Before answering your questions 1 thru 3, some context. It is my strong belief that the authorities are constantly looking at golang and JS as their competitors, in other words, the web world, whereas the real hardcore advantage of Python is in science and numerical computing. As evidence, witness numerous Python books which advise new users to hit the Continuum Analytics or Enthought sites for their full-stack Python installations, even texts which are not about numerics.

On your questions:

1) I don't care about threading. I care about pushing as many compute bits through the Xeon as I can in a given amount of seconds (using Numpy). But as I am a data scientist, I need the REPL. C is out. Why can I still not do this easily? Multiprocessing is there, sure, but it's been unch for years, while Cuda, OpenCL etc are far too hard for guy like me whose intellectual bandwidth is occupied with the domain, not the CS. Isn't that what Python was supposed to be about? Getting stuff done? Why isn't Python vectoring my data through the CPU and GPU yet, 15 years after numeric was first introduced?

2) Continuum Analytics is doing an awesome job and I don't see why they, or Enthought, couldn't take up the mantle, 10gen/Datastax style to use a database analogy. They really know their customers, and the Continuum stack delivers real new value every 6 months, and not only for a scientific audience. More generally, real users in real domains should be driving the project.

3) I am less concerned about Python 3 happening as planned, than I am about the focus of the project. Type annotations? This is an intellectual indulgence if it does not increase performance. Asyncio? We've had async libraries for years! Even when I started Python we had async libraries (not as good but they were there). How is async something fantastic and new? It's nothing but polishing an existing capability a little bit further. Unicode. fine. But again, web focused. Nobody else cares. Xrange laziness. Okay. Leaves me cold. Print(). No CS benefit, but huge marketing loss as you can't go out to newbies anymore and say "hey, check this out... Python hello world?"

  >>> print "hello world"
  "hello world"
It just doesn't get any simpler, and yet Python wants to throw out that unique hook for new people who care little about coding but a lot about domain. It's zero, genuinely zero, boilerplate, whereas there are a dozen languages where you can do print("hello world"). Seems trivial, but in print vs print() we have the key difference in philosophy (get-stuff-done-now vs take-me-oh-so-seriously). If you're so serious at a computer science level, you're not going to do Python.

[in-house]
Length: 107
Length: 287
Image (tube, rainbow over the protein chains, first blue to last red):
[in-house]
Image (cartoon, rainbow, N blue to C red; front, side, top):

So. What is Python. A serious language? NO. A wonderfully malleable, not too serious, friendly language, into which you can insert some real hardcore stuff (Numpy, ML, website parsing, database transformations, game scripting, image processing....the list is endless) really easily? Yes.

Where is Python genuinely way ahead of everyone else? Only on numerical computing.

It strikes me that Guido and co are embarrassed by their weekend hack of 1.x and 2.x, when that is precisely what the user base loves about it. Their attempt to make Python serious, is killing Python's original spirit. There is nothing wrong with 2.7. Nobody wants Python to morph into Java.

So, am I a Luddite wanting 2.7 to live forever? no. What I want is vectorization plus DAG-like workflows. These are the most important pieces of computer science that actually dovetail with real world use cases, today. Yes async is cool, but golang now owns that space. What I'd really like is for Python to give us a good framework for the Big Data world which is in almost everybody's use case now, and that means, Python needs to talk multiprocessor, Python needs to talk GPU, Python needs to talk cluster, and Python should long ago have been addressing this directly. Python needs to "go vectorized". That should be the project's obsession. SIMD, in a word, where the parallel granularity can go from GPU kernels,to CPU, to multi-machine clusters, and DAG-like workflows (with possible recursion) built in. This is not a nice-to-have capability anymore. It is what the next wildly popular mainstream programming language will have, built into the language. The signals from everything we're seeing added to 3.x is NOT this. It's web-like stuff. That battle is over. JS won.

Let's not gift the opportunity of huge data to Java (Spark) and Cuda, or a new language that will see the future better than us. It should be Python!

There you go. My view.


> Where is Python genuinely way ahead of everyone else? Only on numerical computing.

No, that's not where it is. It's in being a user friendly language for people who need to get numerical work done, and there's a huge difference. IPython/Jupyter did not happen in any other language, not even remotely (the closest thing I've seen is some Lua graphic repl that didn't go far).

> Nobody wants Python to morph into Java.

Python is not morphing into Java, far from it. 3.x represents a cleanup of the language (str vs. unicode, new vs. old style classes, a lot of other stuff). I do not agree with all of it (I too disagree with demoting print from statement to function), and there is other stuff I would have done - but most of it was desperately needed.

> What I want is vectorization plus DAG-like workflows. These are the most important pieces of computer science that actually dovetail with real world use cases, today

For a tiny, tiny part of the users. And they already have e.g. Theano, and a few other tools, that give some solutions.

> What I'd really like is for Python to give us a good framework for the Big Data world which is in almost everybody's use case now,